Drought, other commodity price hikes, and higher input costs led to a middling peanut crop in Arkansas during the 2022 growing season.
Arkansas farmers grew about 2,000 fewer acres of peanuts in 2022 compared to 2021. The November forecast from the United States Department of Agriculture’s National Agricultural Statistics Service estimated harvested acres at 32,000 acres in the state.
“This was due to good soybean and cotton prices and more acres in Missouri,” Travis Faske, extension pathologist for the University of Arkansas System Division of Agriculture. “Overall, the south-central region had about 7,000 fewer acres than in 2021, according to the U.S. Department of Agriculture’s Farm Service Agency.”
A months-long drought during the early and mid-summer had an impact on the legume crop that was reintroduced in Arkansas a dozen years ago.
“The hot summer conditions suppressed flowering and thus suppressed the pod set for several weeks creating two distinct crops: early and late,” Faske said.
The early-late conundrum created “a challenge for farmers to wait until the late crop matures or harvest the early one and take a hit on yield and grade,” he said. “As expected, grades and yield were lower at the beginning of harvest compared to the end.”
On the other hand, dry conditions during harvest enabled one of the quickest harvests in recent years with nearly 90% of the crop harvested by the end of October,” Faske said.
Another plus to the dry weather was that disease pressure was low from the usual suspects — tomato spotted wilt virus and verticillium wilt, and average for southern and sclerotinia blight.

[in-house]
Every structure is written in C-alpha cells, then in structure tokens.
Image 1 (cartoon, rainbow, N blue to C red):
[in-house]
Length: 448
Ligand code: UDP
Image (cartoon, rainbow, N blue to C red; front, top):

“Conditions were good for planting with no major issues, maybe some starting too early,” Faske said.
Prices were about the same as 2021, “approximately $500 per ton for the first ton. Those that grow a high oleic acid cultivar get a little more per pound,” he said.
Faske said 2022, was a “slightly better than average year with yield estimates at 5,000 pounds per acre. Of course, there are always those stories of 6,900 pounds per acre field average.”
Peanut acreage in Arkansas has fluctuated over the past decade, dipping from about 18,000 acres in 2012 to about 10,000 acres in 2014, then steadily climbing since. In Arkansas, the leading peanut counties include Mississippi and Craighead counties, with smaller acreages in Greene, Lee, St. Francis and other counties in the Delta region.
Arkansas remains at one of the most extreme ranges to grow peanuts. The crop needs about five months of steady, relatively hot weather to flourish. It can turn cold in the Delta during October and that can be a problem.
High peanut volume states such as Texas, Georgia, and Oklahoma have been hit with disease, drought, and a lack of irrigation in recent years which has forced several peanut companies to look for other states to grow the crop.